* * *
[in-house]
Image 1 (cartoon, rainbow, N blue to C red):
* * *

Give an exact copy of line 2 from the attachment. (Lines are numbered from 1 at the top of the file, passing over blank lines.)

Image 1 (cartoon, rainbow, N blue to C red):